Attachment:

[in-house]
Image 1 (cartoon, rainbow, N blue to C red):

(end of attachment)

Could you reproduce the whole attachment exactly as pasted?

[in-house]
Image 1 (cartoon, rainbow, N blue to C red):